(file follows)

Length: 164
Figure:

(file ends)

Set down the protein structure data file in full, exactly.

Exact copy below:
Length: 164
Figure: